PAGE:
Joel Kurtinitis of West Des Moines, a member of the Republican Party of Iowa State Central Committee, agreed that Republicans need to change their message, but he disagreed with Santorum’s approach.  “I think the Democrats are the party of class warfare and have spent decades trying to demonize the rich and placate the ‘working class’ by promising to persecute the successful. I think we need to emphasize opportunity regardless of class. America has no need of more laborers. We have a shortage of entrepreneurs – mostly because we have failed to praise success. What we need to emphasize is that, in a free society, when some are successful, all prosper,” Kurtinitis said.

E.M. Leonard, also of West Des Moines, agreed with Santorum.  “… giving the liberal media a hammer like a ‘47%’ comment to beat Republicans over the head with has to be something in the rear-view mirror. The conservative movement needs to be a champion of the working class. It needs to capture the imaginations of all Americans to dream of upward mobility once again in the manner that Reagan so ably communicated. It’s basically a populist approach. It’s just a proven strategy to appeal to the majority of the public. ‘Messaging’ has been atrocious as of late, mostly because messengers have been atrocious.”

Del Tackett author of The Truth Project provided worldview training during the morning session.  Tackett pointed out that mankind is a product of a “great Creator.”  “When we deny that reality – that is the definition of insanity,” Tackett pointed out.

He warned that consequences of defying God’s physical design are stark.  “It can’t be twisted into something mankind wants without consequences,” Tackett said.  “It’s time for the people of this great nation to say no to enslavement and no to dependence,” he added.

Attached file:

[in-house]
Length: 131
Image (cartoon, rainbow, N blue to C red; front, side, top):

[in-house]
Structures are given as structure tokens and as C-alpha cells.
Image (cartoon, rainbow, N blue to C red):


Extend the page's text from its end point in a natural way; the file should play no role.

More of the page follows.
Bob Vander Plaats, President and CEO of The FAMiLY Leader, told Caffeinated Thoughts that he was pleased with how the event turned out.  He especially liked Tackett’s message.  “If we could bottle Tackett’s message and send it to every church.  I don’t know how you can argue with that,” he said.


Iowa Lt. Governor Kim Reynolds and Governor Terry Branstad closed out the morning session.  This is the first event by The FAMiLY Leader that Branstad had spoken at.  Branstad and Vander Plaats have had a contentious relationship since the hotly contested gubernatorial Republican primary both men ran in.   They both have also had public disagreements since on matters of policy.  Branstad’s appearance was significant sign of bridge building and the men shook hands after the Governor’s speech.

Reynolds who introduced Branstad shared with the audience her recent experience going on a missions trip to South Africa to work with Blessman Ministries with her husband Kevin.  She also encouraged the pro-life audience, “We are here to walk with you on the side of life,” Reynolds said.

Branstad pointed out the importance of families.  “Families are the building blocks to building a strong state,” Branstad said.  He highlighted his record as governor: erasing all of the job losses that occurred during the Culver administration, his emphasis on education reform including loosening homeschooling laws and his emphasis on STEM.  He pointed out the tax cut he signed into law that would provide property tax relief for Iowans.   He said Iowa is currently only spending 97% of its revenue, and his administration is paying down the debt from former Governor Culver’s iJobs program.  “The federal government can learn from us,” Branstad added.


The afternoon session featured a speech by Joe Miller a former U.S. Senate candidate in Alaska.  Miller told Caffeinated Thoughts that he attended last year’s Summit, and was visiting Iowa because of friends that he has in Iowa and also had campaign supporters from the state as well.  “I don’t have any ulterior motives,” Miller said.


Iowa Native and Senior Counsel for Alliance Defending Freedom, David Napier, spoke highlighting how “gay rights” and religious liberty have been in conflict.  “They want to silence Christians, and what we want is a real debate from all people,” he said.

“The opposition has gone beyond toleration to wanting cooperation and subordination,” Napier added.

David Noebel, founder of Summit Ministries spoke on worldviews in collision.  He said that Americans can see a preview of what is ahead by looking at Europe.  “Secular humanism is subverting all of Europe,” he said and he warned that the United States is next.